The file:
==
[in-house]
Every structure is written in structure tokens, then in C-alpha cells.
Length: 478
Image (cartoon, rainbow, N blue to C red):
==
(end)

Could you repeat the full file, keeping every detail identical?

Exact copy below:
[in-house]
Every structure is written in structure tokens, then in C-alpha cells.
Length: 478
Image (cartoon, rainbow, N blue to C red):